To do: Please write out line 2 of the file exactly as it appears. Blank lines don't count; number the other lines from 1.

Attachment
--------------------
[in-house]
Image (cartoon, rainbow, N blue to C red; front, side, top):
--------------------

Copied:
Image (cartoon, rainbow, N blue to C red; front, side, top):